McDonald’s Response To Minimum Wage Hikes Totally Undercuts The ‘Fight For $15,’ New Study Shows

Almost all the higher labor costs from minimum wage hikes resulted in an equivalent increase in menu prices.

The push for a $15 federal minimum wage continues across the country. But new research shows that if the “Fight for $15” wins, the biggest loser may just be your wallet next time you want to chow down on a Big Mac or Egg McMuffin.

A recently-released study reveals that past minimum wage hikes resulted in much higher menu prices for consumers. 

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Princeton economist Orley C. Ashenfelter and Czech economist Štěpán Jurajda studied price and wage data from almost every McDonald’s (MCD) restaurant in the US. They found a “full or near-full price pass-through of minimum-wage-induced higher costs of labor.” In English, this means that by vastly increasing production costs,  minimum wage hikes resulted in an equivalent increase in menu prices.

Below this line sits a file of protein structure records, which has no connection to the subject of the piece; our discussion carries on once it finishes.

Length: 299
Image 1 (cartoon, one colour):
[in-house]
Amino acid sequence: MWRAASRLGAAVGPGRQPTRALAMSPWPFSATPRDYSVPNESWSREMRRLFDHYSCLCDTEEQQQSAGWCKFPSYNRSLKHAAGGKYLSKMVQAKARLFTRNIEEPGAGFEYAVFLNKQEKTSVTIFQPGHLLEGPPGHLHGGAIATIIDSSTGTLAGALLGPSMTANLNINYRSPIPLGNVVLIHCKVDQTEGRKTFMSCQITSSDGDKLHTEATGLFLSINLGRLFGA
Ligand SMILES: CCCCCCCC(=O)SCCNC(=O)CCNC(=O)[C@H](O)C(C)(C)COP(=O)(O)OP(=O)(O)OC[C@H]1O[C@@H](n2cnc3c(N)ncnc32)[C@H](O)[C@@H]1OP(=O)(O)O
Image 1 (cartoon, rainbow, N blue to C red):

A Nominal Minimum Wage Increase Doesn’t Actually Mean Workers Are Better Off

What does this mean? 

Well, minimum wage hikes are intended to help workers. Proponents say that everyone deserves a “living wage” and argue that a government-mandated wage increase will mean higher wages for workers. In contrast, the most common counterpoint against minimum wage increases is that they lead to unemployment. This is indeed true, and the nonpartisan Congressional Budget Office estimates that a $15 federal minimum wage would eliminate at least 1.4 million jobs. 

However, the McDonald’s example reminds us that there’s another angle to this debate as well. Even if minimum wage hikes didn’t shed jobs, they would still cause harm in other ways.

Supporters of hiking the minimum wage point to workers’ nominal wages and argue, correctly, that some workers would see higher numbers on their checks every week. However, nominal figures aren’t actually what matter. A worker’s real income and standard of living is best measured by the purchasing power of their wages.

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